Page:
LAURA JAYES: So, you're in isolation now. When were you due to come home?

BARNABY JOYCE: About five days, I think four or five days. I've had some jobs to do. As you know, we’ve got the AUKUS issues we've lately bought forward, which is incredibly important. We've got infrastructure meetings I wanted to have on infrastructure policy in the UK and the United States. Obviously, I've done the UK once and also issues on online. I passionately want to make sure we get better controls on what Facebook and other online platforms put on in your child's bedroom and to put some caveats on the bullying and intimidation that happens online from anonymous sources. I was really looking forward to being part of those discussions, but unfortunately that won't be happening.

LAURA JAYES: So, what happens to all those meetings now? You're back into the Zoom mirror of things or you cancel them.

BARNABY JOYCE: No, I think I just get cancelled. That's about it, which is a shame because I think that's really important. Maybe we just have to find another avenue to try and do them. A lot of these meetings you can only do, especially if there’s anything pertinent to defence, you can't really do them on Zoom anyhow. You have to do them one on one.

LAURA JAYES: So basically, you're stuck there until you return a negative test. No special exemptions for you?

BARNABY JOYCE: No, just stuck here and I think that's what would happen for anybody. You test positive, you go to isolation and that's where I am. But you know, that's fine, that's the way it is. Anyway, as I said, if I can find the cricket I'll have something to do and I'll do some paperwork and read a book.

LAURA JAYES: Well, I hope you find that cricket channel just before I let you go. You've been a big advocate, as of I, indeed, for needing to get on with our lives and live with COVID. Now that you've got it, is it worth it?

BARNABY JOYCE: Yeah, I think so. I just think that I'm still of the same view. We can't just shut the whole place down. The world's got to move on. It's not economically possible for us, or for any nation, just to go into permanent shutdown. You’ll go broke. We've got an economy that you have to make sure bounces along, because if you want to pay for your social security and pay for your health and pay for your schools, then the economy has got to be making money. You can't make any money if everybody is at home. We've got to work out how we keep people out of hospitals. That's terribly important. We’ve got to make sure people get vaccinated. That's very important. And we’ve got to work out the best way to try and manage and move on and get our lives back to as normal as we possibly, possibly can. I hope that in the future, rather than being isolated, it's like the flu – if to get it, you go home and you manage it yourself. With the diligence that people should like they get a flu shot every year, they get a COVID vaccine every year. That's my dream. Where the reality is, I don't know, but that is my dream.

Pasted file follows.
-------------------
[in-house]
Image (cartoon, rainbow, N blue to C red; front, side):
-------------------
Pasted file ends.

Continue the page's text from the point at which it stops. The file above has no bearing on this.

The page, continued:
LAURA JAYES: That hasn't changed your perspective at all?

BARNABY JOYCE: Not yet. I'm not dying here, Laura. I'm feeling like I have a slight to mild flu. So, no, it hasn't really changed my perspective. Maybe if you call me in a few days and hear me gasping for air, I'll have a different interview for you.

LAURA JAYES: Okay, well, you're not seeing the light just yet, and we hope that doesn't happen. We hope these symptoms stay mild to medium. But as you say, this will just be the start of it for you. We wish you well, we hope you find the cricket channel. We hope you're getting the care that you need and we thank you for talking to us this morning.

BARNABY JOYCE: Thank you very much, Laura, All the best.

LAURA JAYES: Barnaby Joyce, there live in Washington, DC.